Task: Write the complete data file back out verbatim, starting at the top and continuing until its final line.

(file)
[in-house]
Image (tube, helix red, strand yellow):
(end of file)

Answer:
[in-house]
Image (tube, helix red, strand yellow):